My career led to my working in the film society movement and attending film festivals. I received my first assignment as a casting person from a foreign director at one of these film festivals. It was way back in the mid-’70s that British producers/directors such as Euan Lloyd (Sea Wolves), shot in India, and approached me for the casting of Indian actors.
Ever since, I’ve undertaken assignments for leading directors such as Mira Nair (Monsoon Wedding, Kamasutra), Deepa Mehta (Earth and Water), Jane Campion (Holy Smoke), Aamir Khan (the British extras in Lagaan) and Dev Benegal (English August), among others.
Is casting a profession?
Unfortunately, no. One can't make a living out of casting. It’s not a regular job. Work comes sporadically. Being selective, one gets to cast for just one or two films a year. There is the need to have an ancillary, steady income. Casting for me is a personal equation with the director and screenplay writer. I prefer to work for small films and small units. I do them because I love the challenge.
What’s your advice to youngsters?
They need to love the process of acting and realise it needs fine observation and training in voice and body language. It has often been noted that actors are 70-80 per cent of the film. A casting director has to make an assessment of how the actor blends into the role. To be knowledgeable in this field, one has to constantly watch films and theatre, know the many nuances of acting and also meet the actors. Casting directors are paid for by the production company of the film.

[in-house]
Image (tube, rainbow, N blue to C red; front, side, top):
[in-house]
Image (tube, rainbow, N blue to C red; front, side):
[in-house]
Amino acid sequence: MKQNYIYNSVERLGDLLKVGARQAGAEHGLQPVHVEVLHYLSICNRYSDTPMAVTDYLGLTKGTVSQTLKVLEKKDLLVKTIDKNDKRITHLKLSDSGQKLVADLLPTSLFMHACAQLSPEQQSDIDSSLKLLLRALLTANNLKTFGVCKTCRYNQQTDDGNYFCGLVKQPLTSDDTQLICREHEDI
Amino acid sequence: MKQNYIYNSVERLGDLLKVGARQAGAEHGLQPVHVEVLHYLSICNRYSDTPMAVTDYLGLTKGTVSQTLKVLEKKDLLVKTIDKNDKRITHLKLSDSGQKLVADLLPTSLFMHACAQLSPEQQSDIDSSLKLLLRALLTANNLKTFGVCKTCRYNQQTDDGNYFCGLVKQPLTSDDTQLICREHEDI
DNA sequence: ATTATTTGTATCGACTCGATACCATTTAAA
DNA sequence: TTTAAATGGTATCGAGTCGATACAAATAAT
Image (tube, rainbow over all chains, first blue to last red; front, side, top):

There are no formal institutes that teach you how to become a casting director. One gets hands-on-training by working in a production unit.
What are the challenges in this field?
The most difficult part about casting is finding child actors and teenage actors. It’s easier abroad as theatre is a part of the curriculum abroad, and there are people who represent child actors.
In India, one can find young acting talent by visiting schools or by consulting NGOs working with children, especially street children. It’s a great feeling when you find an actor, cast him/her for his/her first major role, as was the case with Rahul Bose and his eye-catching performance in English August. Another example is that of the Bangladeshi housewife in the film Brick Lane, the street which is the location for Monica Ali’s eponymousbook.
The director and I auditioned over 30 girls over a week before zeroing in on Tannishtha Chatterjee, which has led to her becoming a sought-after actress in the UK. One key role can place an actor on the path of a larger, more fulfilling career.
Uma da Cunha, a leading casting director in India Interviewed by Vandana Ramnani